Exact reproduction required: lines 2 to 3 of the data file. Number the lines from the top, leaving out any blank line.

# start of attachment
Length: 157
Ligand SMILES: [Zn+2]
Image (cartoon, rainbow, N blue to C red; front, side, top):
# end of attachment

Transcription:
Ligand SMILES: [Zn+2]
Image (cartoon, rainbow, N blue to C red; front, side, top):